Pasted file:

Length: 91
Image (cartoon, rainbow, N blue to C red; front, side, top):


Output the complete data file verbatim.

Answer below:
Length: 91
Image (cartoon, rainbow, N blue to C red; front, side, top):